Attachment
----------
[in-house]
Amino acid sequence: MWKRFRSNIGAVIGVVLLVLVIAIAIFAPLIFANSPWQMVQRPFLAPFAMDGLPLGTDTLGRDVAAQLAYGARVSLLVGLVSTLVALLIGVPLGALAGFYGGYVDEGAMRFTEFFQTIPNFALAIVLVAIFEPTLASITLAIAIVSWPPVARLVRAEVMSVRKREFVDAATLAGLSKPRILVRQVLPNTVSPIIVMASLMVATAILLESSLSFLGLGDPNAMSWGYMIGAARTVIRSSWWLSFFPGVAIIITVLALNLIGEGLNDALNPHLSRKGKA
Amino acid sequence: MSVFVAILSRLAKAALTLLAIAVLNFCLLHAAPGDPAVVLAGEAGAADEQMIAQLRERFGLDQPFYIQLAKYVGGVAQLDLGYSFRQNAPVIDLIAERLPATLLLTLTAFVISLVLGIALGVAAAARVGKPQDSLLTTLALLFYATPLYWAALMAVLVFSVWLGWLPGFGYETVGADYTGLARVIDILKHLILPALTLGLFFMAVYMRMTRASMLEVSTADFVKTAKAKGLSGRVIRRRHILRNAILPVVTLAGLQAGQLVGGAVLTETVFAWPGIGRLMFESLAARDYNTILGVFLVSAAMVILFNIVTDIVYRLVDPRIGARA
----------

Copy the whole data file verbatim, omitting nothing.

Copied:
[in-house]
Amino acid sequence: MWKRFRSNIGAVIGVVLLVLVIAIAIFAPLIFANSPWQMVQRPFLAPFAMDGLPLGTDTLGRDVAAQLAYGARVSLLVGLVSTLVALLIGVPLGALAGFYGGYVDEGAMRFTEFFQTIPNFALAIVLVAIFEPTLASITLAIAIVSWPPVARLVRAEVMSVRKREFVDAATLAGLSKPRILVRQVLPNTVSPIIVMASLMVATAILLESSLSFLGLGDPNAMSWGYMIGAARTVIRSSWWLSFFPGVAIIITVLALNLIGEGLNDALNPHLSRKGKA
Amino acid sequence: MSVFVAILSRLAKAALTLLAIAVLNFCLLHAAPGDPAVVLAGEAGAADEQMIAQLRERFGLDQPFYIQLAKYVGGVAQLDLGYSFRQNAPVIDLIAERLPATLLLTLTAFVISLVLGIALGVAAAARVGKPQDSLLTTLALLFYATPLYWAALMAVLVFSVWLGWLPGFGYETVGADYTGLARVIDILKHLILPALTLGLFFMAVYMRMTRASMLEVSTADFVKTAKAKGLSGRVIRRRHILRNAILPVVTLAGLQAGQLVGGAVLTETVFAWPGIGRLMFESLAARDYNTILGVFLVSAAMVILFNIVTDIVYRLVDPRIGARA